Sword and the Claw, The (Blu-ray Disc)

  • Reviewed by: Tim Salmons
  • Review Date: Jan 29, 2018
  • Format: Blu-ray Disc
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Sword and the Claw, The (Blu-ray Disc)

Director

Natuk Baytan

Release Date(s)

1975 (January 23, 2018)

Studio(s)

Ugur Film/William Mishkin Motion Pictures (American Genre Film Archive)
  • Film/Program Grade: D+
  • Video Grade: C
  • Audio Grade: C
  • Extras Grade: C

The Sword and the Claw (Blu-ray Disc)

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Review

One of the best things about the American Genre Film Archive (along with Vinegar Syndrome and Severin Films) is their ability to dig up truly obscure film artifacts, the kind that you won’t just find in the bargain bin of a big retail store. Nor will you discover them being discussed endlessly on message boards or have dozens of articles dedicated to them... that is until these companies release them on Blu-ray for the first time. Such is the case with The Sword and the Claw (aka Kiliç Aslan and Lion Man), a Turkish cult title every bit as obscure and batshit as one could hope for.

As someone who fancies himself a lover of underground cinema, I was surprised that I hadn’t heard of The Sword and the Claw before, especially since it features key players from the infamous (and likely to never be officially released) Turkish Star Wars (aka Dünyayi Kurtaran Adam). How could one go wrong with a plot about a lethal strongman’s hands being burned with acid only to have metal-bladed claws grafted onto them in order to continue mauling his enemies? You can’t. It has all the hallmarks of Turkish cinema: overextended fight scenes, poor English dubbing, and a generic plot about ruthless leaders and the people who fight back against them, but executed in a gloriously zealous, over the top manner.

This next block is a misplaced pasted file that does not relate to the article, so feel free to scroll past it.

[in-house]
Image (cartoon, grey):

On the flipside is The Sword and the Claw’s double-billed partner in crime, The Brawl Busters, a fairly straightforward Kung fu movie that, unfortunately, can’t deliver on what much of its one sheet promises (typical of many grindhouse movies of the era). But, as a co-feature, it works in tandem with the main presentation to give you your evening’s fill of chaotic action cinema, and then some. Both films are presented on AGFA’s newest Blu-ray release, and in a manner befitting the look and style of how a number folks likely saw them in their original run.

In the case of The Sword and the Claw, the transfer on this release was taken from a new 4K scan of the only surviving 35mm theatrical print. Those expecting perfection will not like this presentation, nor its alternate feature. Extensive damage is leftover that hasn’t been repaired, including lots of speckling (mostly apparent during the opening titles), frame damage, and occasionally warping. However, it’s fairly stable all things considered, and saturation, while not attenuated at all, features decent hues when it comes to reds and greens. Everything is bright enough to be seen well while detail (not camera negative quality, mind you) still has a tendency to be rich. The Brawl Busters, by comparison, is much more damaged but features many of the same qualities. The audio is presented as an English 2.0 mono DTS-HD track with English subtitles. Both soundtracks contain obvious, boxy overdubbing. Score and sound effects tend to bleed together with no real separation or overt fidelity. Dropouts and hiss are also frequent, as to be expected. I personally found the presentation appealing for what it was, but I must score it appropriately to temper expectations. Besides the bonus film, there’s also a collection of Face-Smashing Action Trailers, which includes Superargo: The Fantastic Superman, Superargo and the Faceless Giants, Three Supermen, 3 Supermen in the West, and Supergirl of Kung-Fu.

If you’re a fan of the content that AGFA has released thus far, then there’s no way on Earth you’re going to want to miss The Sword and the Claw. There aren’t many positives about it, or its co-feature, worth uttering other than they’re entertaining, and for me, that’s enough. This is another excellent release and well-worth seeking out if you’re a fan of oddball cinema from overseas.

- Tim Salmons

 

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